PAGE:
To save content items to your account,
please confirm that you agree to abide by our usage policies.
If this is the first time you use this feature, you will be asked to authorise Cambridge Core to connect with your account.
Find out more about saving content to .
To save content items to your Kindle, first ensure email@example.com
is added to your Approved Personal Document E-mail List under your Personal Document Settings
on the Manage Your Content and Devices page of your Amazon account. Then enter the ‘name’ part
of your Kindle email address below.
Find out more about saving to your Kindle.
Note you can select to save to either the @free.kindle.com or @kindle.com variations.
‘@free.kindle.com’ emails are free but can only be saved to your device when it is connected to wi-fi.
‘@kindle.com’ emails can be delivered even when you are not connected to wi-fi, but note that service fees apply.
Symptoms of colorectal and anal sphincter dysfunction are common in patients with neurological disorders. The most frequent symptoms of neurogenic bowel dysfunction (NBD) are constipation, fecal incontinence, and abdominal pain. Bowel dysfunction should be viewed in relation to other complications following spinal cord injury (SCI). The international bowel function SCI data sets were developed to collect data on bowel symptoms after SCI in a common format. Most clinicians prefer to support the history with more objective investigations. The technique most often used to study colorectal functions in patients with neurological diseases is radiographically determined colorectal transit time (CTT). Physical evaluation should be performed in all patients. Perianal inspection should be performed to detect pressure sores, hemorrhoids, anal fissures, rectal prolapse or signs of soiling. Anorectal digitations should be performed to assess anorectal sensibility, anal tone and voluntary contraction.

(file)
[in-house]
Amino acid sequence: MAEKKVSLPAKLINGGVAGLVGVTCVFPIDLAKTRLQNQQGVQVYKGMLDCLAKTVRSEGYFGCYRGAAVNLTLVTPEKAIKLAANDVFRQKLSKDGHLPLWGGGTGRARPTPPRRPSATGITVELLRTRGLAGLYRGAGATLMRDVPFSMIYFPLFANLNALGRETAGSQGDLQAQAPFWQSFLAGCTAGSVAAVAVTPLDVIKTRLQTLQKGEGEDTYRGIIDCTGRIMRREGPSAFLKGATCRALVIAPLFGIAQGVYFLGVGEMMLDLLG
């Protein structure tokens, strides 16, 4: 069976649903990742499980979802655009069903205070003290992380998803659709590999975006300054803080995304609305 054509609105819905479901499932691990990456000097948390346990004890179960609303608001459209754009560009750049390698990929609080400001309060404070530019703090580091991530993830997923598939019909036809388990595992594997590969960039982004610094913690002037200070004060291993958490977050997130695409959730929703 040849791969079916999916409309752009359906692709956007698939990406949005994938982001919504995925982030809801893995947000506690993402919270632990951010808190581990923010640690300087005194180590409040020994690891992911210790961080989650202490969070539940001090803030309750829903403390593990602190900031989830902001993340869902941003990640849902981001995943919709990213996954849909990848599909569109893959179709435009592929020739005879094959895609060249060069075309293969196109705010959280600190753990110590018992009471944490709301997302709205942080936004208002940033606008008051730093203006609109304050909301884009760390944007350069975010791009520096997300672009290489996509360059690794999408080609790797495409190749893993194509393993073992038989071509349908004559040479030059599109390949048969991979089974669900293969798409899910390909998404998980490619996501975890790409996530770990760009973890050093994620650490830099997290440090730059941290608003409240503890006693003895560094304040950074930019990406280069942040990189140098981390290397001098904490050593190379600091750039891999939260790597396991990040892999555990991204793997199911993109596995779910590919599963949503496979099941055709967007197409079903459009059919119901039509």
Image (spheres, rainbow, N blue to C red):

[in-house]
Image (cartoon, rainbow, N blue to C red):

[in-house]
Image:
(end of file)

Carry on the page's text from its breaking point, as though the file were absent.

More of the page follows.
Email your librarian or administrator to recommend adding this to your organisation's collection.